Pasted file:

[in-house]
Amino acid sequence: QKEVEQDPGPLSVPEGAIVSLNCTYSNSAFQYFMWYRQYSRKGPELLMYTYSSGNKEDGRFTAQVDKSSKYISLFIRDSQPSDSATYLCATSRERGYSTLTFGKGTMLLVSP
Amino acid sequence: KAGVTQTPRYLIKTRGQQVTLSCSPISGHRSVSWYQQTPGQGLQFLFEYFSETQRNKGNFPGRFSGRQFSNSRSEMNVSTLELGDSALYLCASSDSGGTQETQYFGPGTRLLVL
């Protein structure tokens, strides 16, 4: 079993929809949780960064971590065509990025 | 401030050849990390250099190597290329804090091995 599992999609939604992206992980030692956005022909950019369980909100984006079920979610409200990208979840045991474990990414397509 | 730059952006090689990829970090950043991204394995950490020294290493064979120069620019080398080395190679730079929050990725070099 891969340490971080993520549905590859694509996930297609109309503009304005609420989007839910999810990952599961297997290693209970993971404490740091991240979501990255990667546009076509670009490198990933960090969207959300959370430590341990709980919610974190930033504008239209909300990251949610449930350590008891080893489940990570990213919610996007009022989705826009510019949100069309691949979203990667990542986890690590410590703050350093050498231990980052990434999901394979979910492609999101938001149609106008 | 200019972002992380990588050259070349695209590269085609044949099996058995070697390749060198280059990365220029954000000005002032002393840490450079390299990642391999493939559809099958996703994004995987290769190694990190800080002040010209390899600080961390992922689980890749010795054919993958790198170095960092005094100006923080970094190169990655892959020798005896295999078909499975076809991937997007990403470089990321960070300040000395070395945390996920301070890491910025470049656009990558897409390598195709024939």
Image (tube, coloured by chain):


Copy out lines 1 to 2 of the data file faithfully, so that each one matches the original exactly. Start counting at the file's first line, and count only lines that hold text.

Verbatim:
[in-house]
Amino acid sequence: QKEVEQDPGPLSVPEGAIVSLNCTYSNSAFQYFMWYRQYSRKGPELLMYTYSSGNKEDGRFTAQVDKSSKYISLFIRDSQPSDSATYLCATSRERGYSTLTFGKGTMLLVSP